PEBKAC / EBKAC / POBCAK / PICNIC (eventually see en.wikipedia.org)
    #5
    jtemples
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    Re: XC8 crashes 2019/05/23 08:46:04 (permalink)
    +1 (1)
    du00000001
    Assigning a value to a const within a function body?

     
    That's not an assignment, it's an initialization.  How else would you get a value into a const object?
    #6
    du00000001
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    Re: XC8 crashes 2019/05/23 08:53:07 (permalink)
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    @ jtemples
    Sorry - you seem to have missed the point:
    CiccioB
    It ended that there was a definition of an auto variable in a function managing IRQ disabling/enabling that was simply defined as: ...
    const unsigned char gie = INTCONbits.GIE;


    This certainly is NOT some "standard intitialization". The more as the initialization value INTCONbits.GIE is a non-const and thus not available for standard const initialization.
     
    Really seems to be some weirdness of C18. No wonder XC8 exits ...

    PEBKAC / EBKAC / POBCAK / PICNIC (eventually see en.wikipedia.org)
    #7
    1and0
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    Re: XC8 crashes 2019/05/23 09:12:52 (permalink)
    +1 (1)
    As I understand it, the const qualifier implies that the variable is read-only. Any const qualified variable with automatic (non-static) storage in a function having its initial value assigned is valid.
     
    That is, within a function this
    const unsigned char gie = INTCONbits.GIE;

    is okay, but this
    const unsigned char gie;
    gie = INTCONbits.GIE;

    is not.
    #8
    jtemples
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    Re: XC8 crashes 2019/05/23 09:30:00 (permalink)
    +1 (1)
    INTCONbits.GIE is a non-const and thus not available for standard const initialization.

     
    "const" does not mean "constant" and has nothing do with with constants.  It means "read only", i.e., you cannot modify it after it has been initialized.  At block scope, anything, including a const, can be initialized with a non-constant value.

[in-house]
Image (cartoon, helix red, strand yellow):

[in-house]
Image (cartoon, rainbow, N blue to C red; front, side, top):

If you look at some other embedded compilers, you'll see const used in SFRs as well.  For example, it's common for the UART receive register to be declared const, because it's read-only; you cannot write to it.
    #9
    1and0
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    Re: XC8 crashes 2019/05/23 09:32:21 (permalink)
    +1 (1)
    Just as an example, XC8 generates this 
    3: void foo(void)
    4: {
    5: const unsigned char gie = INTCONbits.GIE;
    7FE0 0E00 MOVLW 0x0
    7FE2 BEF2 BTFSC INTCON, 7, ACCESS
    7FE4 0E01 MOVLW 0x1
    7FE6 6E01 MOVWF __pcstackCOMRAM, ACCESS
    6:
    7: INTCONbits.GIE = 0;
    7FE8 9EF2 BCF INTCON, 7, ACCESS
    8: EECON2 = 0x55;
    7FEA 0E55 MOVLW 0x55
    7FEC 6EA7 MOVWF EECON2, ACCESS
    9: EECON2 = 0xAA;
    7FEE 0EAA MOVLW 0xAA
    7FF0 6EA7 MOVWF EECON2, ACCESS
    10: EECON1bits.WR = 1;
    7FF2 82A6 BSF EECON1, 1, ACCESS
    11: INTCONbits.GIE = gie;
    7FF4 B001 BTFSC __pcstackCOMRAM, 0, ACCESS
    7FF6 D002 BRA 0x7FFC
    7FF8 9EF2 BCF INTCON, 7, ACCESS
    7FFA D001 BRA 0x7FFE
    7FFC 8EF2 BSF INTCON, 7, ACCESS
    12: }

    for this
    void foo(void)
    {
    const unsigned char gie = INTCONbits.GIE;

    INTCONbits.GIE = 0;
    EECON2 = 0x55;
    EECON2 = 0xAA;
    EECON1bits.WR = 1;
    INTCONbits.GIE = gie;
    }

    #10
    jtemples
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    Re: XC8 crashes 2019/05/23 10:01:48 (permalink)
    +1 (1)
    Just as an example, XC8 generates this

     
    And I would expect it to generate the exact same code without "const", because const has no relevance to the runtime code in this context.  const is just being used as "good programming practice" here.
    #11
    1and0
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    Re: XC8 crashes 2019/05/23 10:13:58 (permalink)